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Student homelessness in Canada: an introductory study

October 31, 2018 - 9:05 am / Blog

We don’t know enough about student homelessness in Canada and in this guest blog Dr. Eric Weissman explores the research he’s done on the issue and how much more work needs to happen to properly address the problem. He will be presenting at our National Conference on Ending Homelessness next week.

By Dr. Eric Weissman, Ph.D.
Associate Professor, University of New Brunswick Department of Social Science, Saint John

“A few days ago, one of my students came up to me–this is after I had submitted all the final grades for her class. I told her that if she had showed up more, been more on top of her work, well then, maybe then I could have reconsidered her failing grade. Then she, well, she kind of broke my heart and made me angry at the same time: she said, ‘Well, you wouldn’t feel that way if you knew I have been homeless this whole term.’ And she walked away. I literally didn’t know what to say or do. You tell me; what do we do?” (Anon. instructor at RDC College in Central Alberta December 18, 2017)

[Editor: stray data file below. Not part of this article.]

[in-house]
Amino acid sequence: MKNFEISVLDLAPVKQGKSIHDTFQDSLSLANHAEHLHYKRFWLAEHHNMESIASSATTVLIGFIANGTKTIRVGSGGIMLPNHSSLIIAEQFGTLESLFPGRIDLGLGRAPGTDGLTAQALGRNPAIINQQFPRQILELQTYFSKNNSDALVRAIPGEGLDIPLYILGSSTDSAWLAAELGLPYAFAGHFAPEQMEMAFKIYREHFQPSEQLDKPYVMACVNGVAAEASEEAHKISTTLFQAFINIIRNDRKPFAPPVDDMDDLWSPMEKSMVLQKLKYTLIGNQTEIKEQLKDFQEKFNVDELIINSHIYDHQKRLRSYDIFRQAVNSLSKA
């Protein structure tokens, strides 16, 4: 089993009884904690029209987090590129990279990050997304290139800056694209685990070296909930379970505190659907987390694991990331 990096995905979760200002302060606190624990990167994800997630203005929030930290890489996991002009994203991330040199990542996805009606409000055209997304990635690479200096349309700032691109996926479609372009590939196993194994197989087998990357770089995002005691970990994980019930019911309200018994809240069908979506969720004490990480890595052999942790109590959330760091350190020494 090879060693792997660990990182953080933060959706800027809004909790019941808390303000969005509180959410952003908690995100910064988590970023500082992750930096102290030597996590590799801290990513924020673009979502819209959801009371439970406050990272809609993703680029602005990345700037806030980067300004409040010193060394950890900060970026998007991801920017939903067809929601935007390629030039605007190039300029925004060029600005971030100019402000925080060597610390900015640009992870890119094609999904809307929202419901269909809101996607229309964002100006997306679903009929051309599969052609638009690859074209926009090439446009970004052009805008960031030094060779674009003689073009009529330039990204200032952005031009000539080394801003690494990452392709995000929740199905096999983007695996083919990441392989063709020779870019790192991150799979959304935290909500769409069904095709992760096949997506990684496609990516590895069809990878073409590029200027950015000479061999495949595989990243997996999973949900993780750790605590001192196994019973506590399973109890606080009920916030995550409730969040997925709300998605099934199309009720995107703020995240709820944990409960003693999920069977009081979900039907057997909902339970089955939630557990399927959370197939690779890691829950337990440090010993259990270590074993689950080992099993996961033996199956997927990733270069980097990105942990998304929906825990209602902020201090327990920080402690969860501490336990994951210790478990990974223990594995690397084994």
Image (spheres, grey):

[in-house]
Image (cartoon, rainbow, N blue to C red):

Those of us who work in education and in poverty research know from anecdotal information gathered in collaborations with homeless adults and older youth that student homelessness is a taboo subject and likely more wide-spread than we know.  It does not take a great leap of faith to imagine that student homelessness occurs at the great expense of individuals’ dreams and hopes, lost productivity in our economies and the cultural wealth of our communities.  

In Canada to date, we have no idea how big a problem it is, how it is distributed regionally and across other dimensions such as, age, gender and ethnicity; we do not know what it costs us as a nation in terms of the health and social wellbeing of our citizens or the economic and cultural impacts on our communities.